While people’s performance on the market is tied to their rationality, ie., the fact that their views conform to reality and therefore they can deliver the desired results, there is no such failsafe at the ballot box. In fact, as the public choice theorists have been pointing out to us, it’s rational for voters to be ignorant about abstract topics like economics, political science, sociology, statecraft and basically anything necessary to cast a good vote, because learning the facts is time consuming and costly with very few payoffs.2
Typically, when you go into the world with irrational views that affect your day-to-day life you will be met with negative consequences. If you have irrational views about eating, you will get sick; if you have irrational views about how to treat your spouse, you will have unpleasant arguments or even a divorce; if you have irrational views about how to run a business, you will soon go bankrupt. In other words – reality provides a corrective against irrational views, or at least tries to!
The dirty secret about government is that replacing the market with its “democratic” control – be it public institutions or regulations – ends up removing this corrective mechanism and encouraging irrational behavior. No one wants to suffer the negative consequences of their own irrational behavior, whether it be an illness resulting from not having taken care of their health, or having a child they can’t support, or setting up a business to sell a line of products for which there is no demand. But democracy is inherently a system where people can make bad decisions and then vote to expropriate the consequences of those decisions to everyone else via the tax system. Those people who conform to reality by building products and providing services that meet the real needs of other people will essentially be punished for good behavior when the tax man comes around to expropriate their gains to pay for rent seekers and vagrants. This creates a tendency towards more costly, irrational behavior and less beneficial, rational behavior in society relative to what there would be on a free market. Over the long term, everyone will be disadvantaged on the whole, including those who seemingly profit from exporting the negative economic consequences of their actions to the body politic because the society they live in will be far less prosperous.
- 1. I note that some economists, following Ludwig von Mises, take the position that people are always rational. What they mean by that is that all human behavior is goal-directed behavior and that when someone makes a choice they are choosing what they think will make them achieve that goal. (Mises: “A historian can say... In invading Poland Hitler and the Nazis made a mistake... All that another man can say about it is: I would have made a different choice.” – Theory and History) In my view that is a very specialized usage of the world rational, so I am going with the more commonly used understanding of the term.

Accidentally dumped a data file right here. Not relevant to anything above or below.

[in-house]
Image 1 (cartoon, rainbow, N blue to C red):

- 2. See, for example, Caplan, B. (2007) “The Myth of the Rational Voter.”
The speculation of whether Biden will reappoint Powell has been gaining media attention, as Powell’s term expires in February of next year. A few peculiarities stand out, as reported by the New York Times when they asked:
Should he reappoint Jerome Powell to lead the Federal Reserve when Mr. Powell’s term ends early next year, or select a replacement who is more fully aligned with the Democratic policy agenda?
But what about Fed independence?
We’ve long been told the Fed acts independently, ensuring the President and his cabinet does not control the nation’s fiscal and monetary policies. This reads as though the Fed should properly align itself to carry out the bidding of the ruling party.
It gets stranger! Earlier this week, two Democrat Senators, John Dodd and Barney Frank urged Biden to reappoint Powell for a second term. Reuters reports that the Senators believe:
Powell's approach to monetary policy - downplaying the risk of inflation in favor of encouraging stronger employment gains - would help Biden achieve his broader economic goals.
Any notion of appointing a Fed chair to help Biden achieve his goals flies in the face of Fed independence and raises alarms as to the state of monetary policy in America. The exact quote, as written in The Hill, sounds more bizarre. When referring to Powell, the Senators wrote:
His denial that excessive inflation is either imminent or inevitable given current Fed policy comes from a Trump appointee (as chair, although not initially as a governor) not previously known as a liberal and/or a subscriber to the “deficits don’t matter” school.
Powell, who apparently downplayed the increase in prices, really impressed the Senators. They effectively approve of the Fed misleading the public, and clearly… debt doesn’t matter.
The Senators followed with:
Immediately, for moderate Democrats, Powell offers both a much bigger shield against conservative accusations of fiscal irresponsibility than the same actions coming from a newly appointed liberal.